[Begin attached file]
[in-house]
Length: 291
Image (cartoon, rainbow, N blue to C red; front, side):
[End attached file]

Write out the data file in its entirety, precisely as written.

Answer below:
[in-house]
Length: 291
Image (cartoon, rainbow, N blue to C red; front, side):